Peter Wagner, Executive Director
I need your help. For more than a decade, the Prison Policy Initiative has been at the forefront of the movement to expose how mass incarceration undermines our national welfare. We've won major civil rights victories in local governments, state legislatures and even the Supreme Court. But our long-term viability depends on people like you investing in our work.

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—Peter
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Phantom Constituents Behind Bars — New York Times editorial

by New York Times, May 2, 2006  

Demographers and voting rights advocates are rightly pressuring the Census Bureau to begin counting the nation’s 1.4 million prison inmates at their home communities — and not as “residents” of the prisons, the current practice. Counting the inmates at prison inflates the prison community’s population and political influence, while draining political clout from the communities where inmates actually live.

Most Americans aren’t aware that prisoners are counted as part of the population in the electoral district where they serve time — even though they often live hundreds of miles away and are barred from voting in all but two states. But recent evidence shows that voters in nonprison communities become outraged when they learn that nonvoting prison populations in adjacent districts are being leveraged against them. When made aware of the scheme, voters typically demand that the inmates be dropped from the district count so as not to skew local legislative authority. But state legislatures inevitably include inmates in the count when drawing state legislative districts, which shifts political power from the places were inmates actually live to the prison districts.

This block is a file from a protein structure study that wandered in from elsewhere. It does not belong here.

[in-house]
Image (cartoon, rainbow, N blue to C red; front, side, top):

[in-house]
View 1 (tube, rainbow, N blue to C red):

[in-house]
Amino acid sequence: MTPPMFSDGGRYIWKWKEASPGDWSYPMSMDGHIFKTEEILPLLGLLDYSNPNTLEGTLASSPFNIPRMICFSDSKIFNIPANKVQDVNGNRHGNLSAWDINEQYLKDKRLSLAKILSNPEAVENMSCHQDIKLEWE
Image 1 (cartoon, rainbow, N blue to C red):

The Census Bureau balked and raised unconvincing excuses recently when Congress asked it to consider a system that would count inmates at home instead of at prison. But the prison census controversy is a potentially explosive issue whose time has clearly come.

The bureau should get busy on a system for counting inmates where they live as opposed to where they do time.

Meet us

  • December 17, 2014:
    Board Member Ruth Greenwood will present a Continuing Legal Education seminar entitled “Current Trends in Voting Rights” at the Chicago Bar Association, from 12.15-1.30pm.
  • February 20, 2015:
    Executive Director Peter Wagner, Board Member Amanda Alexander and Advisory Board Member Bruce Reilly will present on a panel entitled “The fight against mass incarceration: Combining litigation and policy work for systemic change” at RebLaw at Yale Law School from 3-4:30pm.

Not near you?
Invite us to your city, college or organization.

Events

  • December 17, 2014:
    Board Member Ruth Greenwood will present a Continuing Legal Education seminar entitled “Current Trends in Voting Rights” at the Chicago Bar Association, from 12.15-1.30pm.
  • February 20, 2015:
    Executive Director Peter Wagner, Board Member Amanda Alexander and Advisory Board Member Bruce Reilly will present on a panel entitled “The fight against mass incarceration: Combining litigation and policy work for systemic change” at RebLaw at Yale Law School from 3-4:30pm.

Not near you?
Invite us to your city, college or organization.

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